(win probability chart via you-know-who)
This game should never have gone to extra innings. Kevin Slowey was not exactly sharp or efficient, but he held the Brewers to just two runs in 5.2 innings (btw, there’s an excellent read on Slowey’s struggles here). Brian Duensing didn’t have his best outing in relief, but Matt Guerrier saved the day (to that point, anyway) by pitching a couple of scoreless innings. Then, in the ninth, Ron Gardenhire decided for some reason that it would be a good idea to put in Ron Mahay. Now, Mahay is, at best, a lefty specialist. Even though the Twins had a four-run lead, Mahay should not be facing right-handed hitters for any reason, not even if they are the 7-8-9 hitters of the Milwaukee order (I think they’re all right-handed, anyway, I’m too drunk and lazy to go look it up). Mahay promptly loaded the bases with nobody out, which prompted Gardy to yank him in favor of Jon Rauch. Now, Rauch is a solid reliever and he’s done a good job as the defacto closer, but he’s no Joe Nathan. His 6.75 K/9 ratio (I meant rate. Drinking and blogging don’t mix, kids) was bound to catch up to him eventually, such as in a bases-loaded, no-out situation that he would probably never have been in if Gardy had gone to him in the first place. A double, a single and a misplayed fly ball to left later, the Brewers tied the game. After a couple of innings of bases-loaded futility, the Twins finally scored the winning run on a sacrifice fly by Jason Kubel. So, the Twins won anyway, but Mahay better watch his back. Anthony Slama and Kyle Waldrop are breathing down his neck.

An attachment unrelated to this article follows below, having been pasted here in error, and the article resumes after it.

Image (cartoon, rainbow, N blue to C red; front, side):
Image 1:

1) Justin Morneau, .383 WPA. Morneau was on fire, going 5-3 with two walks, two runs, and an RBI. He drew a crucial walk in the 12th, which set up Kubel’s game-winning sac fly.
2) Michael Cuddyer, .286 WPA. Cuddles did his best to help the Twins win this game, going 3-6 and reaching base in every plate appearance after the ninth inning.
3) Delmon Young, .239 WPA. Delmon went 1-5 with a walk, but his 3 RBI were among the most important of the game. He drove in the game-tying run after his misplay of a fly ball allowed the Brewers to take the lead in the ninth.
Alex Burnett, .300. Burnett shut the Brewers down through two innings, after Rauch and Mahay coughed up the lead in the ninth.
Most important play of the game:
For the entire game, it was the game-tying double Casey McGhee hit off of Jon Rauch in the ninth (.390 WPA). For the Twins, it was Delmon’s game-tying double off of Carlos Villanueva in the bottom of the same inning (.377 WPA).